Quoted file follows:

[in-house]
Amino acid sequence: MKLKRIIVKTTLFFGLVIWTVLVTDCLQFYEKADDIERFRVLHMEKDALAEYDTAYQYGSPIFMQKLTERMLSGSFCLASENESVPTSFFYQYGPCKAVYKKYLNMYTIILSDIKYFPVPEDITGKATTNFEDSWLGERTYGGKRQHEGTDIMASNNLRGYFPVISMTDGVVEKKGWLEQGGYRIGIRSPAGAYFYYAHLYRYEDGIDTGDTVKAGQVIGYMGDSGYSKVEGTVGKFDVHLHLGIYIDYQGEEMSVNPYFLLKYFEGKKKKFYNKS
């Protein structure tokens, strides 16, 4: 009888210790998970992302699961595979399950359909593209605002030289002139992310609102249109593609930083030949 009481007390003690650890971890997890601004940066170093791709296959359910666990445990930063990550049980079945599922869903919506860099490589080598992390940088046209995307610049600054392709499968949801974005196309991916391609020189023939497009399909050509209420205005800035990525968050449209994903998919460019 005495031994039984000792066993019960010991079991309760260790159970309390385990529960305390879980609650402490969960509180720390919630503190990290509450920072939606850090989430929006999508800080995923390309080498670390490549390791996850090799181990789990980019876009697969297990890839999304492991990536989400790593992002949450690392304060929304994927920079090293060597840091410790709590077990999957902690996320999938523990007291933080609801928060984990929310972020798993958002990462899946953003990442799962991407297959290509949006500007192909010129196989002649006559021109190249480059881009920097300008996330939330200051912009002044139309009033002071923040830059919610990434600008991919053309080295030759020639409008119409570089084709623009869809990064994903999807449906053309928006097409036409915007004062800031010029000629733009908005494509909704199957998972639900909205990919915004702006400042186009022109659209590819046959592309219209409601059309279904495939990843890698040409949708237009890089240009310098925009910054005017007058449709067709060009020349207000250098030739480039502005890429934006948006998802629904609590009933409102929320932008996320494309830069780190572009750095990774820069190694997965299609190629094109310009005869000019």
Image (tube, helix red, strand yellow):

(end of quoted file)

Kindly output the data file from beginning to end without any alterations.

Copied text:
[in-house]
Amino acid sequence: MKLKRIIVKTTLFFGLVIWTVLVTDCLQFYEKADDIERFRVLHMEKDALAEYDTAYQYGSPIFMQKLTERMLSGSFCLASENESVPTSFFYQYGPCKAVYKKYLNMYTIILSDIKYFPVPEDITGKATTNFEDSWLGERTYGGKRQHEGTDIMASNNLRGYFPVISMTDGVVEKKGWLEQGGYRIGIRSPAGAYFYYAHLYRYEDGIDTGDTVKAGQVIGYMGDSGYSKVEGTVGKFDVHLHLGIYIDYQGEEMSVNPYFLLKYFEGKKKKFYNKS
């Protein structure tokens, strides 16, 4: 009888210790998970992302699961595979399950359909593209605002030289002139992310609102249109593609930083030949 009481007390003690650890971890997890601004940066170093791709296959359910666990445990930063990550049980079945599922869903919506860099490589080598992390940088046209995307610049600054392709499968949801974005196309991916391609020189023939497009399909050509209420205005800035990525968050449209994903998919460019 005495031994039984000792066993019960010991079991309760260790159970309390385990529960305390879980609650402490969960509180720390919630503190990290509450920072939606850090989430929006999508800080995923390309080498670390490549390791996850090799181990789990980019876009697969297990890839999304492991990536989400790593992002949450690392304060929304994927920079090293060597840091410790709590077990999957902690996320999938523990007291933080609801928060984990929310972020798993958002990462899946953003990442799962991407297959290509949006500007192909010129196989002649006559021109190249480059881009920097300008996330939330200051912009002044139309009033002071923040830059919610990434600008991919053309080295030759020639409008119409570089084709623009869809990064994903999807449906053309928006097409036409915007004062800031010029000629733009908005494509909704199957998972639900909205990919915004702006400042186009022109659209590819046959592309219209409601059309279904495939990843890698040409949708237009890089240009310098925009910054005017007058449709067709060009020349207000250098030739480039502005890429934006948006998802629904609590009933409102929320932008996320494309830069780190572009750095990774820069190694997965299609190629094109310009005869000019």
Image (tube, helix red, strand yellow):